"I called in a strong, sharp voice: "Languille!" I saw the eyelids slowly lift up, without any spasmodic contractions I insist advisedly on this peculiarity but with an even movement, quite distinct and normal, such as happens in everyday life, with people awakened or torn from their thoughts.

"Next Languille's eyes very definitely fixed themselves on mine and the pupils focused themselves. I was not, then, dealing with the sort of vague dull look without any expression, that can be observed any day in dying people to whom one speaks: I was dealing with undeniably living eyes which were looking at me. After several seconds, the eyelids closed again."

Re:Ah, that nice French law... (1)

cnvandev (1538055) | more than 4 years ago | (#29837617)

Didn't we try that already with that "United States" thing? I heard it didn't go so well.

Re:Ah, that nice French law... (4, Insightful)

MBGMorden (803437) | more than 4 years ago | (#29837811)

It worked great at first. It's just gotten bad lately.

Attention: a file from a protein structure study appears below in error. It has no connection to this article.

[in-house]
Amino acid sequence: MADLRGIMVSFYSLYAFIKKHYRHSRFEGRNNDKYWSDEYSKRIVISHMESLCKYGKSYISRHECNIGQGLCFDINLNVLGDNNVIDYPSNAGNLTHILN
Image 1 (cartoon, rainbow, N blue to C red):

"The tree of liberty must be refreshed from time to time with the blood of patriots and tyrants." - Thomas Jefferson

Personally I think the tree is looking very withered these days.

this will be a problem in the future. (5, Insightful)

SkunkPussy (85271) | more than 4 years ago | (#29836543)

This will adversely affect small businesses - why should someone's business be made unviable cos they can't stop their kids downloading a few bits and pieces.

Imagine if you weren't allowed to use roads because a bus company complained about your driving 3 times.

Re:this will be a problem in the future. (4, Insightful)

interkin3tic (1469267) | more than 4 years ago | (#29836903)

Imagine if you weren't allowed to use roads because a bus company complained about your driving 3 times.

That sound you hear is thousands of bus drivers screaming "DON'T GIVE THEM ANY IDEAS!!!"

Re:this will be a problem in the future. (5, Insightful)

Anonymous Coward | more than 4 years ago | (#29837011)